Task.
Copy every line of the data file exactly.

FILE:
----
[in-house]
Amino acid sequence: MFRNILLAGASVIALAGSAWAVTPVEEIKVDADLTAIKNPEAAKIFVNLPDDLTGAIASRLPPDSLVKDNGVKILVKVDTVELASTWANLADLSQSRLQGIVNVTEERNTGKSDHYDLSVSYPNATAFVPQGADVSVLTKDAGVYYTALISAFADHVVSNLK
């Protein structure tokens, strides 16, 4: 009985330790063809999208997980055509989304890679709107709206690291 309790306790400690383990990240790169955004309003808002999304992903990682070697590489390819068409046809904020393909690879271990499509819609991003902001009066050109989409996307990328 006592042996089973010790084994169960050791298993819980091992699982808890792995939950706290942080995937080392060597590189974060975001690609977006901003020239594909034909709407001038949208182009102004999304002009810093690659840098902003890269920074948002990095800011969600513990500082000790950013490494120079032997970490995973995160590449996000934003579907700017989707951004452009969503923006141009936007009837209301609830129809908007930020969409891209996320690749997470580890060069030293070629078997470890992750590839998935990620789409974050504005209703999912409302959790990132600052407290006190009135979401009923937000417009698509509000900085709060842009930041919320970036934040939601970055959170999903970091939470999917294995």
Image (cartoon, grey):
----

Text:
[in-house]
Amino acid sequence: MFRNILLAGASVIALAGSAWAVTPVEEIKVDADLTAIKNPEAAKIFVNLPDDLTGAIASRLPPDSLVKDNGVKILVKVDTVELASTWANLADLSQSRLQGIVNVTEERNTGKSDHYDLSVSYPNATAFVPQGADVSVLTKDAGVYYTALISAFADHVVSNLK
């Protein structure tokens, strides 16, 4: 009985330790063809999208997980055509989304890679709107709206690291 309790306790400690383990990240790169955004309003808002999304992903990682070697590489390819068409046809904020393909690879271990499509819609991003902001009066050109989409996307990328 006592042996089973010790084994169960050791298993819980091992699982808890792995939950706290942080995937080392060597590189974060975001690609977006901003020239594909034909709407001038949208182009102004999304002009810093690659840098902003890269920074948002990095800011969600513990500082000790950013490494120079032997970490995973995160590449996000934003579907700017989707951004452009969503923006141009936007009837209301609830129809908007930020969409891209996320690749997470580890060069030293070629078997470890992750590839998935990620789409974050504005209703999912409302959790990132600052407290006190009135979401009923937000417009698509509000900085709060842009930041919320970036934040939601970055959170999903970091939470999917294995």
Image (cartoon, grey):